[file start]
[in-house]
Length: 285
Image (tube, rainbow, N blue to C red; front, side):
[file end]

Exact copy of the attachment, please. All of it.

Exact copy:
[in-house]
Length: 285
Image (tube, rainbow, N blue to C red; front, side):